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Date of Award


Document Type


Degree Name

Doctor of Education (Ed.D.)


Curriculum and Instruction

First Advisor

Ronald E. Hallett

First Committee Member

Delores E. McNair

Second Committee Member

Marcia D. Hernandez


Bourdieu, the French sociologist, proposed some significant concepts (e.g., habitus, capital and field) to help to explain how social agents play roles in social occurrences. Among his theories, Bourdieu’s trilogy of economic capital, social capital and cultural capital has now been used as a powerful theoretical framework to explain class reproduction and education equity. Over the past decades, his theories have begun to be introduced and recognized in Chinese academic world. And this research attempts to see whether this western theory works in the Chinese educational context.

Shanghai, one of the biggest cities in China, has a huge migrant population. Limited by the unique Chinese hukou system, the migrant population in Chinese big cities mostly faces a challenging situation to ensure their children’s local educational opportunities, especially during the compulsory education levels. However, the past research only focused on its disadvantaged subgroup, i. e. the migrant worker population while ignoring the vast diversity in their economic, social and cultural capitals among this general population. Therefore, this research, by means of a comparative multiple case study, aims to see how parents’ economic, social and cultural capitals help to win their children’s educational opportunities at elementary education level.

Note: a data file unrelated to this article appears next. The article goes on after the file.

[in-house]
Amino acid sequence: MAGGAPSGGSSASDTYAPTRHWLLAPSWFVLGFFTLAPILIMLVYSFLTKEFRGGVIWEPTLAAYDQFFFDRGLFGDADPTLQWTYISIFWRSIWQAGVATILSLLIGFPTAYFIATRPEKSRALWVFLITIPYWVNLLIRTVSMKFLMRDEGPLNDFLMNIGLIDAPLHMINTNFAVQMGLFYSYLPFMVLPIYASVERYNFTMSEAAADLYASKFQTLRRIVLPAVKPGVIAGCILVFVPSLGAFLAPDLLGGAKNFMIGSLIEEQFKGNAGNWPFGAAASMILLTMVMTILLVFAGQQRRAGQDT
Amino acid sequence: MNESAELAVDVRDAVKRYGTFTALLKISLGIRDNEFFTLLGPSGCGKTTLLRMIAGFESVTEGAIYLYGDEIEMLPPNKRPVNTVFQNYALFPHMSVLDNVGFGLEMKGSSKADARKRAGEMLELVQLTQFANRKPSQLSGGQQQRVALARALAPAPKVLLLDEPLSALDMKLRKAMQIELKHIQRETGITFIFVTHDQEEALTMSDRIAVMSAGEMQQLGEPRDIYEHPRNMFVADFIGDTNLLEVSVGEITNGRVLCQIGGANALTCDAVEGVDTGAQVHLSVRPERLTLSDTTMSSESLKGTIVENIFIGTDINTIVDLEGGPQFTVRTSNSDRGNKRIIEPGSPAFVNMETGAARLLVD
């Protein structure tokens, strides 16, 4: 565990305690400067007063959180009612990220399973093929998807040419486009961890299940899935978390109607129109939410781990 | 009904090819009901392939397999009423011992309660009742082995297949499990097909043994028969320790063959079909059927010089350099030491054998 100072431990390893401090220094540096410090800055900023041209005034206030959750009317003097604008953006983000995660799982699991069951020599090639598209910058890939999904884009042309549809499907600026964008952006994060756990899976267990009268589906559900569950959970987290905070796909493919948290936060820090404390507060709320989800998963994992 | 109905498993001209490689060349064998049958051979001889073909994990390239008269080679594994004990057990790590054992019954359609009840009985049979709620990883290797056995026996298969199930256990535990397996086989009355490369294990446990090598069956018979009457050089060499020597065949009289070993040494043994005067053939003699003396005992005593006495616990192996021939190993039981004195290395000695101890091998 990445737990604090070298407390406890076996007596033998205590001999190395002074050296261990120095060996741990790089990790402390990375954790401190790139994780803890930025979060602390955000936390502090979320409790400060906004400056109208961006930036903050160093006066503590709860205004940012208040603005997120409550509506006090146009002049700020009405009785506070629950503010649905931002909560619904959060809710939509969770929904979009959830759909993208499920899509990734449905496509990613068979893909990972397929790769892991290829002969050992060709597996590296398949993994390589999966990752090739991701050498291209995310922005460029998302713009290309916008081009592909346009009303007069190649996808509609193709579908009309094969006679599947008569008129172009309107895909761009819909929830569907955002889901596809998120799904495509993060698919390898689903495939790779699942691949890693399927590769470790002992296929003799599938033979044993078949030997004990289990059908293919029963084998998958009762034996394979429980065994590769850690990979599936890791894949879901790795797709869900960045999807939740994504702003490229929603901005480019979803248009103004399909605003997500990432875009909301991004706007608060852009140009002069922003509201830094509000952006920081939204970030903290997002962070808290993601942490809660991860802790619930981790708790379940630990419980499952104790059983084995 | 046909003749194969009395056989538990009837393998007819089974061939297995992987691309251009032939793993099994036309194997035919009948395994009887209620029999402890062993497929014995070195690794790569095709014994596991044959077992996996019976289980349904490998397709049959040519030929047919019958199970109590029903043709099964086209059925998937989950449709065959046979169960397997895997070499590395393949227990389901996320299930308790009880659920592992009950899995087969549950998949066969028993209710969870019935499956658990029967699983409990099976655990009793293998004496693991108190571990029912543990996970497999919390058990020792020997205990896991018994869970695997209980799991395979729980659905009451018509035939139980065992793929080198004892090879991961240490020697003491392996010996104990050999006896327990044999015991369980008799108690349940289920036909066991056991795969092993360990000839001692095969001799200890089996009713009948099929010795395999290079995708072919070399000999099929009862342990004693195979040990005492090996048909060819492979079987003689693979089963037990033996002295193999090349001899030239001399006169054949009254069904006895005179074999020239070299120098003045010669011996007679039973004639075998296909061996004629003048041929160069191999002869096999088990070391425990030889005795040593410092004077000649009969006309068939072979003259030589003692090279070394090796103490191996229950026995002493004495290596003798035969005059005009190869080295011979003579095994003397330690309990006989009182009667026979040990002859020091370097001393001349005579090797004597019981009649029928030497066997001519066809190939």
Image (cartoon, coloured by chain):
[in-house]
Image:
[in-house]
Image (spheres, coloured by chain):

Studying three typical migrant families with distinguishable strong, medium and weak capitals, the research finds the specific paths how the parents respectively use their economic, social and cultural capitals to obtain more educational opportunities for their children, and eventually produce the divide in educational outcomes, school segregation and social stratification. The research extends its discussion with characteristics of parent capitals, redefinitions of educational opportunities, and an unexpected minor theme about full-time mother.

At the end of the dissertation, it can be concluded that Bourdieu’s trilogy of economic, social and cultural capital does work in Chinese educational context. And it indeed helps us to see more clearly what is happening in present China at a transitional age and calls for service and help to the disadvantaged migrant families in Chinese cities.



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